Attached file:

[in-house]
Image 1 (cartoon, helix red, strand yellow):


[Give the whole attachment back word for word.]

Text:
[in-house]
Image 1 (cartoon, helix red, strand yellow):